Foxo3 immunoreactivity in cochlear sections from human cadaver specimens

FOXO3 is implicated in the regulation of human longevity through many studies of extremely old individuals20,40,41,42,43,44. Foxo3 mRNA was reported in the Morton human fetal cochlea cDNA library45. However, its cellular location in the human cochlea has yet to be established. Sections of human cochleae, preserved at 3 hours post-mortem, were stained with an antibody against OCM and a commercially validated antibody for FOXO3, and compared to serial sections stained with anti-OCM and control rabbit IgG (Fig. 8a,b,e,f). Low levels of FOXO3 immunofluorescence were observed in the human outer hair cells, in the image matched to the negative control (Fig. 8e, cf. 8f). Only cytoplasmic staining was observed (Fig. 8e). Similar results were obtained from mouse sections prepared at the same time (Fig. 8c,d,g,h). Cytoplasmic localization of FOXO3 was previously reported in cochlear cells35. These data suggest that FOXO3 protein is present in sensory cells of the human cochlea, supporting the contention that it may also play a role in human hearing.

Figure 8
figure 8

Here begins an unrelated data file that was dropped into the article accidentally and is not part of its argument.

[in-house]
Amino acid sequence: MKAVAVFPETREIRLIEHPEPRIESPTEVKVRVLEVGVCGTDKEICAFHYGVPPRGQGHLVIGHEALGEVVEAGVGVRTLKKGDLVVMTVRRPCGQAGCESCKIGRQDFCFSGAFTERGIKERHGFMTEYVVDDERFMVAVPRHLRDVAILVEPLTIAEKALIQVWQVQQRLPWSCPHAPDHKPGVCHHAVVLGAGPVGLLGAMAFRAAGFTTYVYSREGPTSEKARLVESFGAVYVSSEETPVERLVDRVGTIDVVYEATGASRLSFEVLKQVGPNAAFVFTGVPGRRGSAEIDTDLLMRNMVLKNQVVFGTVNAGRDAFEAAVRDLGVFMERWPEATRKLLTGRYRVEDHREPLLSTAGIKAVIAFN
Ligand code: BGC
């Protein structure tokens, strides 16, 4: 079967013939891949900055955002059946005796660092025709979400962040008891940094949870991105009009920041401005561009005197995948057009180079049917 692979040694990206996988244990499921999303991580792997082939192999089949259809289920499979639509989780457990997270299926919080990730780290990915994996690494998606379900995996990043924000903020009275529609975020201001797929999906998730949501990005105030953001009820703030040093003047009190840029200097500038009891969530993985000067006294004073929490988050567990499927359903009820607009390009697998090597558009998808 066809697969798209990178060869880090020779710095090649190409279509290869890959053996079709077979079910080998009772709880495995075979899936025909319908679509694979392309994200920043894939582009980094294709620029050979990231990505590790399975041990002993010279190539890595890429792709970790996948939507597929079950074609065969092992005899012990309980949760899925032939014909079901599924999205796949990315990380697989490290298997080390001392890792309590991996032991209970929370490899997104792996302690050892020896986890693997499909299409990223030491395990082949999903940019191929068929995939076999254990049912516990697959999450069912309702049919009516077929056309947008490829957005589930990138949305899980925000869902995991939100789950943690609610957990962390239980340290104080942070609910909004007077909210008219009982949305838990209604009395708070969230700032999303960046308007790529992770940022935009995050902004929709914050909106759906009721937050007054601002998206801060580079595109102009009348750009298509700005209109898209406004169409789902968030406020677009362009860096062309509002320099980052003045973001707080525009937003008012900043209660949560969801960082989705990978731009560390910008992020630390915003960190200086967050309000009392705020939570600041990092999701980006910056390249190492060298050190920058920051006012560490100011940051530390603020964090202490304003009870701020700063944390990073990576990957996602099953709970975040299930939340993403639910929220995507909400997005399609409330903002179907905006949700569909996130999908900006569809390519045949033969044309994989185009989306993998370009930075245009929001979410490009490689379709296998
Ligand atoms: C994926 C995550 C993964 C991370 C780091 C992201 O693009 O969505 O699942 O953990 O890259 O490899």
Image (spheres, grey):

Foxo3 immunofluorescence in the adult human cochlea. Adult human (a,b,e,f) and mouse (c,d,g,h) sections, both obtained from the Otopathology Laboratory, were probed with antibodies against OCM to reveal outer hair cells (ad, green). A validated anti-FOXO3 antibody (e,g, white) was used to reveal FOXO3 protein, in comparison to a normal rabbit IgG control (f,h, white).


We show that the transcription factor FOXO3 is required for auditory function in all frequencies tested after noise exposure in mice. This hearing loss correlates with widespread losses of mid- and high-frequency outer hair cells. Moreover, persistent structural damage is observed in a few of the remaining outer hair cells within the noise band. Inner hair cells, spiral ganglion neurons and auditory synapses are retained in full number at 14 DPN. Taken together, these data indicate that FOXO3 is required for hearing after noise exposure and specifically implicate FOXO3-driven transcription targets in outer hair cell survival. This is significant, in that we also report FOXO3 immunofluorescence in human outer hair cells. However, the presence of DPOAE function at 8 kHz, concurrent with an absence of ABR at the same frequency, suggest that additional, unknown defects are present in the noise-exposed Foxo3KO/KO.